Sources in Israel have revealed that up to 33 British activists who were on board the Freedom Flotilla when it was assaulted by Israeli commandos have demanded that they be permitted to testify before the Turkel Commission. The Israeli government established the commission to investigate Israel's attack on the fleet at the end of May 2010.
According to the Israeli daily, Ha'aretz, the lawyer representing the British activists, Daniel Machover, said that his clients opposed attempts by the Turkel Commission to downplay the significance of their testimonies. They believe that their witness statements contain vital information about their experiences before, during and after the Israeli assault.
Mr. Machover claims that the Israeli Foreign Ministry contacted the British Foreign and Commonwealth Office on the 25th October to say that it had only allocated four days, including the weekend, to gather information from the British participants and pass it on to the commission. He added that the British activists consider the urgent demand "a deliberate affront" to their rights and not an attempt to hear their testimonies; they demanded that the commission itself should hear the testimony of the British victims. They also said that the Israeli government should bear the costs of their travel, lodgings and judicial expenses so that their testimony can be given in an open hearing.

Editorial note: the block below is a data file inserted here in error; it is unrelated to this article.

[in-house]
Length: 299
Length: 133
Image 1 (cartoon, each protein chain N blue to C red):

The lawyer warned that in the event of the Turkel Commission rejecting these conditions, "it will become clear that it is not interested in hearing their testimonies, and in such an instance it would be preferable for the international tribunal to begin its investigations as soon as possible". He also indicated that he would be looking into "submitting a criminal complaint against all those against whom there is proof that they carried out war crimes."
Source: Quds Press Service